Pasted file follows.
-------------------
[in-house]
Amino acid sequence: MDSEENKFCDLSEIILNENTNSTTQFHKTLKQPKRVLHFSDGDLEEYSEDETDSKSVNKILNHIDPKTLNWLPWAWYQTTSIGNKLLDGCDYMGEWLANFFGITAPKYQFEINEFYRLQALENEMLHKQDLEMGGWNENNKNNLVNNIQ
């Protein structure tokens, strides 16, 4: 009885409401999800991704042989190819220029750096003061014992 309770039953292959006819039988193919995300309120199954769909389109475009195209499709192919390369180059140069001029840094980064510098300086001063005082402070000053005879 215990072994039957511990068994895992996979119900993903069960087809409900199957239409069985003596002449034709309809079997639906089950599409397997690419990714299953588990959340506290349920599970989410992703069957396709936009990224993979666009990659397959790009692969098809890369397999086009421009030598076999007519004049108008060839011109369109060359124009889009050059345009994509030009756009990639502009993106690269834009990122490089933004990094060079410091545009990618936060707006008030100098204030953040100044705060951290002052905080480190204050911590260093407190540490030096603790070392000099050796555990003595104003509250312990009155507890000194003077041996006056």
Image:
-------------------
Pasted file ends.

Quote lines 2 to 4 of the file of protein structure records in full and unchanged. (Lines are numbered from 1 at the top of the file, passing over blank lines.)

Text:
Amino acid sequence: MDSEENKFCDLSEIILNENTNSTTQFHKTLKQPKRVLHFSDGDLEEYSEDETDSKSVNKILNHIDPKTLNWLPWAWYQTTSIGNKLLDGCDYMGEWLANFFGITAPKYQFEINEFYRLQALENEMLHKQDLEMGGWNENNKNNLVNNIQ
């Protein structure tokens, strides 16, 4: 009885409401999800991704042989190819220029750096003061014992 309770039953292959006819039988193919995300309120199954769909389109475009195209499709192919390369180059140069001029840094980064510098300086001063005082402070000053005879 215990072994039957511990068994895992996979119900993903069960087809409900199957239409069985003596002449034709309809079997639906089950599409397997690419990714299953588990959340506290349920599970989410992703069957396709936009990224993979666009990659397959790009692969098809890369397999086009421009030598076999007519004049108008060839011109369109060359124009889009050059345009994509030009756009990639502009993106690269834009990122490089933004990094060079410091545009990618936060707006008030100098204030953040100044705060951290002052905080480190204050911590260093407190540490030096603790070392000099050796555990003595104003509250312990009155507890000194003077041996006056």
Image: